The only centipedes I knew of were the harmless articulated buses so nicknamed, and there had never been a monarchy, just the typical corporate oligarchy of the modern era.
And the burst of light that tore me from my reverie, well it was sunlight reflected off a skyscraper!
I wrapped this new sphere with my black raincoat, taking care to leave the company brand in sight (come, you’re nobody if your clothes don’t show off the logo of the corporation that makes them!).
I really didn’t want water to spoil that remnant of other times: a “hand-woven” story, written in glass and vapor by a human, and not by a machine. I would rather get my LCU™ angora pullover soaked or ruin my BAC™ cashmere jacket made with M-BAC™ transgenic Tibetan goat wool.
I paid for my CU™ double coffee—black and sugar-free—and also the . . . something cognac . . . what was it . . . oh, how I hate forgetting brands! Such a clear sign of inelegance! Ah, well, the cognac that Grandfather had been sipping. Actually, I paid for two, so he could drink the other after I had left.
I kissed Grandfather’s hand (I truly admire him), waved to the now well-known waiter of the Borzoi Café, and ran out in the rain that slickened the greenish bronze tiles of the sidewalks.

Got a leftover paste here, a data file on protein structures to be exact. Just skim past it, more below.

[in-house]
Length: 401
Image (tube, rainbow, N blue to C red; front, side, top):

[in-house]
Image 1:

My building was just a few blocks away, and I crossed them at a run, trying futilely to avoid slipping. I told myself the urgency was just a reaction to the rain, an obvious desire not to get soaked. But in truth there was something else behind that childish running. I was afraid
It was an irrational fear, without object and almost without subject. A kind of tremor like the one you feel when drums rumble or an electric battery hums; something primitive, something alien to me, but nestling within me all the same.
By the time I climbed the three flights of marble stairs and opened my old walnut door, I was drenched in sweat. I leaned against the door, relieved, and locked it without turning around.
With the lights off, I crossed the room and went straight to the kitchen. I sat on a barstool and took out the sphere. Something wasn’t right. The other spheres I’d bought from Grandfather, displayed on the mantel of my gas fireplace, swirled with bright colors or patterns of milky white and asphalt black. Some were completely transparent, though, and one was gilded. But this sphere glowed with a sickly, fungus-green hue, like the moss that grows on the stones of some long-forgotten path.
I set it carefully on a square of cotton cloth and walked away without giving it the initial scrutiny with which I typically honored every new story that entered my apartment and my life.